Tea redesign reflects growing sophistication of organics consumers

For Choice Organic Teas, the redesign of the packaging for its Original tea line could be likened to polishing a gem.

Pw 1873 Originaldig Refresh

For Choice Organic Teas, the redesign of the packaging for its Original tea line could be likened to polishing a gem. While the Seattle-based company—the first organic tea crafter in the U.S.—has maintained the core elements of its design to preserve the brand equity, the packaging’s colors, artwork, and messaging have been refreshed and refined for a more modern look.

“From a design point of view, the design cues [for organics] in packaging have shifted. In the early days, natural consumers looked to rustic packaging to connote ‘natural, organic, healthy’ products and earth-friendly packaging,” relates India Nagy, graphic coordinator for Choice Organic Teas. “Organic, healthy ingredients and environmentally friendly packaging are more important than ever as the category has evolved. However, consumers are more sophisticated, and they are looking for indicators of a more refined experience.”

Packaging for the Original line, first introduced in 1989, comprises staple-free tea bags made from unbleached paper, packed in paper-crimp, compostable envelopes. Sixteen envelopes are packed in a secondary carton made from 100% recycled paperboard.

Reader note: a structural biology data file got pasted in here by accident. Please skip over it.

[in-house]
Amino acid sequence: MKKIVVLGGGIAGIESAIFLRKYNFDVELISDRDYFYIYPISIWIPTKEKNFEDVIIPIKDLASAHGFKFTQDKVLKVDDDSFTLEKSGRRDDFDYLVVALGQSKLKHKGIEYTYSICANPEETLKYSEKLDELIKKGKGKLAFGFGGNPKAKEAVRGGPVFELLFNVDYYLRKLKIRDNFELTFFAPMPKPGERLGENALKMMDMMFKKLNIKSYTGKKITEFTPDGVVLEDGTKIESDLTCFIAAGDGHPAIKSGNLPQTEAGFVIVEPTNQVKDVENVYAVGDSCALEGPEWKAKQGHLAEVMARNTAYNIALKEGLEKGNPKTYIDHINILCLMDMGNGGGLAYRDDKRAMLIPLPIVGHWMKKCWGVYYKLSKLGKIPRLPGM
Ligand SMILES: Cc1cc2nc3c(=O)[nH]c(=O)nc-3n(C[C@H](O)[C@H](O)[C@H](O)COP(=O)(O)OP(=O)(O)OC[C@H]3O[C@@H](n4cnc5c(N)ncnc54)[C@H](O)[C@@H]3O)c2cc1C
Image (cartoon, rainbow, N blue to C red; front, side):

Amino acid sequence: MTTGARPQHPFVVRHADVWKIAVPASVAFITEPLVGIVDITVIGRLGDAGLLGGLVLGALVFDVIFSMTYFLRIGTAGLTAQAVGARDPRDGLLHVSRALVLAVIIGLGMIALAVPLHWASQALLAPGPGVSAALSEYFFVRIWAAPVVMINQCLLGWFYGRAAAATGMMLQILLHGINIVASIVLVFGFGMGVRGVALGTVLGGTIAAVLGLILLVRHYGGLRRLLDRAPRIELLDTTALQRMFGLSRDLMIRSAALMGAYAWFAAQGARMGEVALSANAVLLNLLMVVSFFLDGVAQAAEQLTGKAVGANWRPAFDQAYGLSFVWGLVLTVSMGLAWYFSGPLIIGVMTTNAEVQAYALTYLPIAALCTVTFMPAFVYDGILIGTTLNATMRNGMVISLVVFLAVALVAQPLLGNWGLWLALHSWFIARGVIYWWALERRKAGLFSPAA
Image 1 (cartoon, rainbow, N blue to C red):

For the redesign—a two-year project led by Nagy—Choice Organic Teas retained the packaging’s iconic layout: a block of color on the bottom three quarters of the carton, topped by the brand logo in calligraphy against an off-white background. Design updates included deepening the color palette of the boxes to much brighter, more saturated colors.

A local artist was commissioned to create a subtle illustration of tea leaves that appears in the background on the colored portion of the carton. The logo was refreshed by the calligrapher who created it more than 20 years before, making it easier to read. Copy of the tea variety—there are 26 in all—is presented on the front of the carton, allowing consumers to distinguish between white, green, oolong, black, and herbal teas. The graphic design of the carton is then mirrored on the individual envelopes that hold the tea bags.

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